Every technology has its own jargon, of course. Some of it we joke about because it’s mostly TLAs—the abbreviation for “three letter abbreviation,” the favorite way tech people have of showing how cool they are. I remember a paragraph in a telephone industry magazine once that had not a single noun in it—all TLAs, that required a side column to define them all. But not all jargon is TLAs, as there are some technical terms like core and cladding in fiber optics that are descriptive if you understand the underlying technology.
One term in fiber optic jargon is particularly confusing, because it has a dual meaning—“figure 8.” If you have learned to terminate optical fiber with an adhesive/polish termination method, you are familiar with polishing in a figure 8 pattern. If you are installing long outside plant (OSP) cables, you may have to “figure 8” the cable at an intermediate pulling point. Let’s examine both of them more carefully.
Polishing connectors in a figure 8 pattern
When polishing a fiber optic connector, the general rule is to polish in a figure 8 on the polishing film. Why a figure 8? That motion causes the direction of polishing to move around in all directions on the end of the ferrule, preventing polishing marks from polishing in only one or two directions. The random, uneven nature of the figure 8's as you polish is even better, not only for the random direction of motion but because it moves the connector over more of the polishing film, avoiding polishing on top of areas with residue from earlier polishing strokes.
Not everybody agrees on polishing in figure 8's, however. Some say it is unnecessary and polishing in circles is best. Some say do it for multimode but polish in circles for single-mode, which is how I learned. Single-mode polishing is quite different in fact, done on diamond film with a wet polishing slurry, which worked for me. Polishing machines generally allow you to choose one or the other and maybe other random patterns.
Figure 8-ing OSP cables
Today you can purchase OSP fiber optic cable in long continuous runs, 10 kilometers long or more, if you have the heavy equipment to handle the size of the cable reels on the job site. This works great for avoiding splicing on long runs, especially for direct burial cable. But if you are pulling underground cable in conduit or innerduct, you probably cannot pull lengths anywhere near that long because of friction between the cable and the duct. A few kilometers is not an unusual limit.
The usual method of dealing with this situation is to use a midspan pull. You pull cable in a length of duct, coil it up outside the end, then continue another pull. At each midspan location, however, you must coil up the cable during the pull before pulling from that coil to on the next span.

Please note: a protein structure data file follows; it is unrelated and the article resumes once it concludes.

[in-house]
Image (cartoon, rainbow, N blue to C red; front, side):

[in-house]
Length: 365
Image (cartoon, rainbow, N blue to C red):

Figure 8-ing is the method used to coil the cable without putting a twist in the cable or tangling it. The process is simple. After pulling the cable out of a conduit, you lay it on the ground in a figure 8. The loop on one end of the 8 puts a half-twist into the cable. The loop on the other end takes the twist out, meaning no overall twist in the cable length.
After pulling all the cable out of the conduit, you have a big pile of cable in a figure 8 pattern with a cable on the top leading into the conduit you just pulled the cable from and the other end of the cable underneath all the pile of cable. Here is what it looks like while being taught at one of the Fiber Optic Association's schools, Triple Play Fiber Optics.
Next you have to get to the end that you want to pull into the next length of conduit. You do that by picking up the pile of cable and flipping it over, leaving the open end read to feed off the pile of cable. Attach that end of the cable to the pulling eye and pull into the next length of conduit.
Here is the secondary pull being done on a cable by Telecom Malaysia. The tech is guiding the cable off the loops as it is pulled into the next length of conduit. You can see the other end of the cable from the first pull disappearing into the manhole.
You should note the cable is on a tarp. It’s common to lay the loops on a tarp to keep the cable clean and the tarp can help when picking up the loops of cable to turn over.
This image shows the process done manually as it is often done. Equipment exists to help in pulling of the cable at the intermediate point and at least one company makes a trailer with an arm that can make the figure 8 loops for you.